U.S. special envoy Dennis Ross ended his emergency Middle East mission Wednesday with an unsuccessful appeal to Israeli Prime Minister Benjamin Netanyahu to ease the punishing sanctions levied against Palestinians since last month’s suicide bombing in a Jerusalem market.
After four days of talks aimed at restoring security ties as a prelude to renewed peace negotiations, Ross asked Netanyahu to reduce the severe travel and financial restrictions imposed on the Palestinian government and people after the July 30 bombing. Netanyahu declined, saying the Palestinians must first do more to meet Israel’s demands for a crackdown on Islamic militants.
The refusal deprived the American envoy of one of the few tangible achievements he had hoped for in his brief shuttle mission.
But Ross could point to a fragile agreement by Israel and the Palestinians to investigate the bombing jointly, and to report their findings to a three-way panel that will include the CIA station chief in Tel Aviv.
“We have created a mechanism that begins to re-establish the security relationship,” Ross told reporters after a final meeting Wednesday evening with Palestinian leader Yasser Arafat.
But he and other American officials cautioned that the renewed security contacts and improved atmosphere were just a start. If a possible visit to the region by Secretary of State Madeleine Albright is to proceed, they said, the security cooperation must quickly produce results.
Ross was scheduled to depart early todayfor Washington, where he will brief Albright and President Clinton on his talks. He is expected to continue monitoring events from afar but has no plans to return immediately, officials said.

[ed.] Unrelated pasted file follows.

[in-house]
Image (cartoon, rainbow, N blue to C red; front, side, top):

Even as he prepared to leave, high-level Israeli and Palestinian security officials held the first of what American diplomats hope will be regular meetings to trade information on the Jerusalem bombing case. They will then share their findings with the panel, allowing the U.S. to judge how well they are cooperating.
The sessions are not the first between American intelligence officers and their Israeli and Palestinian counterparts. The three parties held at least six sessions between the July 30 bombing and Ross’ arrival in Israel Saturday, as well as a handful of meetings last spring.
“The main thing now is that these meetings will be held on a regular basis and, we hope, be more serious than before,” said a U.S. official involved in the Ross effort. While the earlier sessions were marked by angry political speeches, this week’s have been “professional and serious,” the official said.
The CIA representatives “are there to help in any way they can,” he said. “But obviously, they’re also there so that we can form our own assessment” of whether enough progress has been made for Albright to visit to launch a new U.S. peace initiative.
The U.S. involvement also provides Arafat with an element of political cover for cooperating on security issues at a time of little or no progress in peace talks, a Palestinian political analyst said. “If these are international meetings, it doesn’t look so much like the Palestinians are working for the Israelis,” said Khalil Shikaki, who heads the Center for Palestine Research and Studies in Nablus, on the West Bank.